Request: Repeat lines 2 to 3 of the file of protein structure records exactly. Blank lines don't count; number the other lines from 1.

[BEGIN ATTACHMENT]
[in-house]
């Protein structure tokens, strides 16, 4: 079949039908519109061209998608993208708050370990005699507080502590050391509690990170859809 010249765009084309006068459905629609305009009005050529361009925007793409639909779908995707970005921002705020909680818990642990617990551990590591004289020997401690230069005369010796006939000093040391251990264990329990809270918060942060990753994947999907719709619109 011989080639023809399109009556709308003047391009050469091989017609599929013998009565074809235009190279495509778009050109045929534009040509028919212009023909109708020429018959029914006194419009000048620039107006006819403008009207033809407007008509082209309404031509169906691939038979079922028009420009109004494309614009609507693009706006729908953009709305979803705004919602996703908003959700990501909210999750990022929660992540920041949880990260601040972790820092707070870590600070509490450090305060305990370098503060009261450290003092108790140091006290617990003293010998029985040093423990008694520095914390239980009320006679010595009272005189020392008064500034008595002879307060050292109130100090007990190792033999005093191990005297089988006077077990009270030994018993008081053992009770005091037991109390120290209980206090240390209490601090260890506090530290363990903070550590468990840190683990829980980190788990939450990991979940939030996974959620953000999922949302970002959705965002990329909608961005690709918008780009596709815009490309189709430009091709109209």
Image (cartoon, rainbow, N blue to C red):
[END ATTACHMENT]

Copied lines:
């Protein structure tokens, strides 16, 4: 079949039908519109061209998608993208708050370990005699507080502590050391509690990170859809 010249765009084309006068459905629609305009009005050529361009925007793409639909779908995707970005921002705020909680818990642990617990551990590591004289020997401690230069005369010796006939000093040391251990264990329990809270918060942060990753994947999907719709619109 011989080639023809399109009556709308003047391009050469091989017609599929013998009565074809235009190279495509778009050109045929534009040509028919212009023909109708020429018959029914006194419009000048620039107006006819403008009207033809407007008509082209309404031509169906691939038979079922028009420009109004494309614009609507693009706006729908953009709305979803705004919602996703908003959700990501909210999750990022929660992540920041949880990260601040972790820092707070870590600070509490450090305060305990370098503060009261450290003092108790140091006290617990003293010998029985040093423990008694520095914390239980009320006679010595009272005189020392008064500034008595002879307060050292109130100090007990190792033999005093191990005297089988006077077990009270030994018993008081053992009770005091037991109390120290209980206090240390209490601090260890506090530290363990903070550590468990840190683990829980980190788990939450990991979940939030996974959620953000999922949302970002959705965002990329909608961005690709918008780009596709815009490309189709430009091709109209």
Image (cartoon, rainbow, N blue to C red):